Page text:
Although “Desktop Search” in its many present forms is garnering a lot of techie buzz today, the ability to search and find files on your computer has been around for a long time. It started out simple (as most things do). Operating systems incorporated a “Find” window, into which you typed the name (or partial name) of a file, and the system took you to it. Even with relatively slow processor speeds, this type of search was fairly speedy, as you couldn’t have that many files to search for on the day’s whopping twenty-megabyte hard drives. This all worked well as long as the file names (which were, at the time, constrained to many fewer characters than they are today) were somewhat descriptive of the file’s contents.
The advent of faster processors and more sophisticated systems brought a new approach to desktop search “indexing”. During “down times”, or overnight, or at times of your choosing, the operating system would scan the files on your computer. It then created an index, or table of contents, of not only the names, but also the content, of your files.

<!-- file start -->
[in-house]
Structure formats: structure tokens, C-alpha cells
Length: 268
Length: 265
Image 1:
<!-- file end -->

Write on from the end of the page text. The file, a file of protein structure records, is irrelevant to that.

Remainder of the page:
Not every file, of course. For example, there’s no practical way to index the content in video, music or image files (other than the text-formatted attached metadata). And, of course, there is really no need to index the text making up the code of the operating system files and other installed software, as the everyday user, even if they found the code, certainly wouldn’t want to modify it.
The problem with early index-based search systems was that newly created files were not indexed until the next designated indexing period. But with even greater processing power, the current crop of “add-on” search tools like MSN Search and Google Desktop Search (for Windows) and the system-level Spotlight feature in Apple’s new Mac OS 10.4 “Tiger” operating system, can index the system in the background while you’re busy using it. Newly created or modified files are added almost instantly to the index.
So, will these advanced desktop search “engines” change the way we organize our computers? Are the days of using file cabinet-like hierarchical folders to organize all our stuff headed the way of the dot matrix printer, floppy disk, and fax machine? Only time will tell.
© 2005 Peter F. Zimowski